All objects transmit their image to the eye in pyramids, and the nearer to the eye these pyramids are intersected the smaller will the image appear of the objects which cause them. Therefore, you may intersect the pyramid with a vertical plane [Footnote 4: Pariete. Compare the definitions in 85, 2-5, 6-27. These lines refer exclusively to the third diagram. For the better understanding of this it should be observed that c s must be regarded as representing the section or profile of a square plane, placed horizontally (comp. lines 11, 14, 17) for which the word pianura is subsequently employed (20, 22). Lines 6-13 contain certain preliminary observations to guide the reader in understanding the diagram; the last three seem to have been added as a supplement. Leonardo's mistake in writing t denota (line 6) for f denota has been rectified.] which reaches the base of the pyramid as is shown in the plane a n.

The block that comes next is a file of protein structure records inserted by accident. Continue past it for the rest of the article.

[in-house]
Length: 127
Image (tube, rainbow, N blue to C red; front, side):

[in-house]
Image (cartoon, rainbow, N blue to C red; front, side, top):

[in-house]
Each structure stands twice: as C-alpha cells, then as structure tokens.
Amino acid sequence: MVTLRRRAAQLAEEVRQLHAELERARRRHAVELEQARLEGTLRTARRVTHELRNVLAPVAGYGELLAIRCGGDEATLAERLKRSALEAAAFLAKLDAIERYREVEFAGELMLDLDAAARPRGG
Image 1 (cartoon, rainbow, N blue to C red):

The eye f and the eye t are one and the same thing; but the eye f marks the distance, that is to say how far you are standing from the object; and the eye t shows you the direction of it; that is whether you are opposite, or on one side, or at an angle to the object you are looking at. And remember that the eye f and the eye t must always be kept on the same level. For example if you raise or lower the eye from the distance point f you must do the same with the direction point t. And if the point f shows how far the eye is distant from the square plane but does not show on which side it is placed--and, if in the same way, the point t show s the direction and not the distance, in order to ascertain both you must use both points and they will be one and the same thing. If the eye f could see a perfect square of which all the sides were equal to the distance between s and c, and if at the nearest end of the side towards the eye a pole were placed, or some other straight object, set up by a perpendicular line as shown at r s--then, I say, that if you were to look at the side of the square that is nearest to you it will appear at the bottom of the vertical plane r s, and then look at the farther side and it would appear to you at the height of the point n on the vertical plane. Thus, by this example, you can understand that if the eye is above a number of objects all placed on the same level, one beyond another, the more remote they are the higher they will seem, up to the level of the eye, but no higher; because objects placed upon the level on which your feet stand, so long as it is flat--even if it be extended into infinity--would never be seen above the eye; since the eye has in itself the point towards which all the cones tend and converge which convey the images of the objects to the eye. And this point always coincides with the point of diminution which is the extreme of all we can see. And from the base line of the first pyramid as far as the diminishing point